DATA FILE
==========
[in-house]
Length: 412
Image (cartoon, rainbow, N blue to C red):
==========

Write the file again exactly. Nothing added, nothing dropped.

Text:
[in-house]
Length: 412
Image (cartoon, rainbow, N blue to C red):